Little Known Facts About Relocating METRO’s Bellaire Transit Center, Plus Metro Income To The City

On December 11, 2023, Mayor Friedberg distributed an email regarding the Metro Transit Center, located in the 5100 Block of Bellaire Blvd in the City of Bellaire.  The Transit Center was approved by City Council in 1986.  Find the agreement for the Transit Center, dated March 3, 1986, here

In addition, many Bellaire residents may be unaware that the City receives annual revenue from Metro, a percentage of the sales tax Metro receives within the City. The anticipated revenue for 2024 is $1.7 million, and only applies to transportation and mobility projects in the City.  Find the agreement here. Find a 2020 amendment extending that agreement here.

The articles included in the Mayor’s presentation are available thanks to the Portal of Texas History. They are from The Texan, published in Bellaire, and dated 1986 and 1987.  Find the Mayor’s explanation below:   

Relocating METRO’s Bellaire Transit Center, December 11, 2023

It’s a question I’ve been asked from time to time, and more often of late since it was brought up on the campaign trail and got people talking.  Now that we’re through election season, a blog post on the subject is in order.

The City of Bellaire does not have authority to relocate the Bellaire Transit Center; if METRO is going to do so, it’ll be because it makes sense for METRO.

That we may feel it no longer benefits us isn’t what’s going to move the needle.  Rather, it’s that it would work better—for METRO—if it were situated further west.     

Many in Bellaire will be glad to know METRO gets that, too.  While plans could still change and there are no guarantees or commitments as to timing, the future of the transit center indeed looks to be headed in that direction.

First, a little bit of history.  Given prevailing sentiments today it’s perhaps ironic that way back when, the City of Bellaire actually sought to have the transit center built where it is as part of an ambitious plan to revitalize the downtown business district.

The Texan, October 1, 1986
The Texan, December 15, 1987

The City played an active role, partnering with METRO on the center and an accompanying package of major improvements including realignment and reconstruction of streets in the area.  Of the $3 million total project cost, the City contributed some $800,000, plus the land for the center.  It was completed and opened in December 1987.

Notwithstanding that history, fast-forward to present and the transit center no longer fits our vision for downtown Bellaire.  It also causes some traffic problems, as the relatively constrained right-of-way at that location is not optimal for maneuvering long articulated buses across several lanes of traffic in to and out of the center.  But what to do about it?  The center belongs to METRO, not to us, and so really it’s not our call.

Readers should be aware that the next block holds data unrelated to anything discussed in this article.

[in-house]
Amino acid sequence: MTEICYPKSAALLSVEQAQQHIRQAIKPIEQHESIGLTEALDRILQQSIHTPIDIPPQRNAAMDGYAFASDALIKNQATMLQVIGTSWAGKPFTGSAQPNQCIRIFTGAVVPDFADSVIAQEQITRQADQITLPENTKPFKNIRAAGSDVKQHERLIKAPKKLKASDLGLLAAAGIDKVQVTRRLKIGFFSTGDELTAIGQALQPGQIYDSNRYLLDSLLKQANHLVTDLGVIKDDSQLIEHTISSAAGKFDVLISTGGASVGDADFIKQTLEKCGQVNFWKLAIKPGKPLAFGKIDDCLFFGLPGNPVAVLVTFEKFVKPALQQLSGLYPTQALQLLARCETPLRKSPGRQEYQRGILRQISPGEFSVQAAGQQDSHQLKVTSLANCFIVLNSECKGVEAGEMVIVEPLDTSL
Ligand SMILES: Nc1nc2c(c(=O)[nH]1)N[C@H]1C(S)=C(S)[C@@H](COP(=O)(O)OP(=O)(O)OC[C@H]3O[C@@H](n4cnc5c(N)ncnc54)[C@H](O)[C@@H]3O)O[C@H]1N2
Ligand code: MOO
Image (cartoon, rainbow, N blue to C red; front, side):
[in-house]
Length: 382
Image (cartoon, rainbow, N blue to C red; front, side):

The key is to show METRO why moving it would be better, for METRO.  Which has been our message to them for years, since before my time in office.  Going at least as far back as Mayor Cindy Siegel’s tenure (she incidentally went on to serve seven years on the METRO Board), that’s been our pitch.

Specifically, while the hugely important No. 2 and 402 (Quickline) routes that run east/west down Bellaire Blvd. to the Texas Medical Center aren’t going anywhere, the primary north/south connection point into those lines doesn’t need to be at S. Rice.  In fact, the population centers METRO aims to serve are concentrated to our west, on the other side of Chimney Rock and beyond.  There’s much greater transit demand in that area than in ours, so it makes sense to focus the buses where the riders are.

Enter the Gulfton Corridor project, a component of the METRONext Moving Forward Plan approved overwhelmingly by the voters in 2019.  The route (locally preferred alternative) selected in August of this year calls for north/south connectivity from the Westpark/Lower Uptown Transit Center directly into the heart of Gulfton, rather than by way of transfer at S. Rice.  METRO anticipates federal funding and completion of the final design in 2024, after which construction is expected to take two years.

This is great for METRO, and it’s a big step in the right direction for Bellaire.  Does it guarantee the Bellaire Transit Center will be eliminated once the Gulfton project is done?  Well, not exactly, but it has been METRO’s clearly stated intention from the outset, that the Gulfton center would replace the one in Bellaire, not merely add to it.  METRO leadership have on multiple occasions, as recently as last month, given us their assurances that’s still their thinking.  That once the Gulfton Corridor is up and running there will be less justification, operationally, for the tie-in at S. Rice, and they’re certainly well aware of our concerns.

Bottom line, relocating the Bellaire Transit Center is something over which we, the City, have no direct control.  We’ve been consistently advocating for it for years through our relationship with METRO, but we can’t force it.  With the Gulfton project on the horizon, there’s good reason to be optimistic it’ll happen in the foreseeable future.  For now, we’ll need to be patient a bit longer, and continue to monitor and support the progress of METRONext.


About Jane McNeel

Bellaire resident since 1956. Email: Find more information on 'About This Site' in the main menu.
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